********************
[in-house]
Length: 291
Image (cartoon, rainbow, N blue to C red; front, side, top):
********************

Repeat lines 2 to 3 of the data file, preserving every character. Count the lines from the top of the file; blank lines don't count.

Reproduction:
Length: 291
Image (cartoon, rainbow, N blue to C red; front, side, top):